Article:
ThankYou Premier Calculator to See How Many Points You’ll Earn and Best Way to Redeem Them

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Recently Citi sent emails to people like me who have a Citi ThankYou® Premier Card that has a calculator to estimate how many points you’ll earn in a year on the card. Read on to learn about points earning on the card.

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The Citi ThankYou® Premier Card offers 40,000 bonus ThankYou Points after spending $3,000 in the first three months. The card also offers generous category bonuses:

  • 3x ThankYou Points per dollar on travel and gas
  • 2x ThankYou Points per dollar on dining out and entertainment
  • 1x ThankYou Points per dollar on everything else

I rack up points faster than I expect with the card because I have a lot of travel (broadly defined) spending and dine out a lot.

The email has preset spending levels and shows a person spending $2,000 per month on the card and earning 48,000 points in a year, which doesn’t include the 40,000 point sign up bonus, so a new cardholder spending like that would actually earn 88,000 ThankYou Points in the first year.Screen Shot 2015-10-11 at 7.50.17 PM

You can go to the online calculator and put in your own spending habits to see how many points you’d earn in the first year.Screen Shot 2015-10-11 at 7.50.38 PM

Keep in mind that the first year the card has no annual fee ($95 thereafter.) But frankly I’d ignore the part where it says what your points are redeemable for.

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You certainly should never redeem for gift cards worth less than 1 cent each. I wouldn’t even redeem for plane tickets, cruises, hotels, or car rentals at a rate of 1.25 cents per point. You have two better, unlisted options.

  1. Open a Citi Prestige® Card with another 50,000 bonus ThankYou Points after $3,000 in purchases made with your card in the first three months. (Wait at least a week between Premier and Prestige applications.) Combine the ThankYou Points into one account, and redeem them for 1.6 cents toward flights on 20 airlines.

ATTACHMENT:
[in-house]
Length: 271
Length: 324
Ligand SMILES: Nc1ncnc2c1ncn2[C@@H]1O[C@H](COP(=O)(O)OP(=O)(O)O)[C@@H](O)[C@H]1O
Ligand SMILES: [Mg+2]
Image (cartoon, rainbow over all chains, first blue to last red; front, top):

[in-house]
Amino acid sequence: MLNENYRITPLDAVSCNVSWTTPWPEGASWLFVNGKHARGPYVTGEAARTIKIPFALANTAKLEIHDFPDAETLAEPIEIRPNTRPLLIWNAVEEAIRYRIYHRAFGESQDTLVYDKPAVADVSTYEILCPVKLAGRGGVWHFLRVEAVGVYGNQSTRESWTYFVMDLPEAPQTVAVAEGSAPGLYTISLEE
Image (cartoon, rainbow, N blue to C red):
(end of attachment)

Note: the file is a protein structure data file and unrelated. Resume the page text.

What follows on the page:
2. Transfer the points 1:1 to 12 types of airline miles. My favorite partner is Singapore Airlines because it has cheap awards to Europe, Hawaii, and South America and doesn’t collect fuel surcharges on United, Avianca, or Copa flights.

Do you find these calculators useful to see how many miles you’ll earn with a card? Or do you just put all your spending toward sign up bonuses, so category bonuses don’t interest you?


Editorial Disclaimer: The editorial content is not provided or commissioned by the credit card issuers. Opinions expressed here are author’s alone, not those of the credit card issuers, and have not been reviewed, approved or otherwise endorsed by the credit card issuers.

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5 COMMENTS

  1. I’ve previously used the Chase Sapphire Preferred card as my “keeper” fee card for travel and dining. This one looks like it duplicates much of what the CSP does and adds some more category bonus possibilities. In general, which people should hang on to the CSP and which should drop that one and stick with this one instead? I don’t have to make a decision until April.

    • I started to write out an answer, but it was getting pretty complicated, so I think I’ll write up a full post. Look for it this week.

    • Premier 3x on travel and gas, Prestige 3x on airfare and hotels. So Premier gets 3x on a lot more things like taxis, airbnb, gas, cruises, car rentals, etc. Other than that, identical earning.

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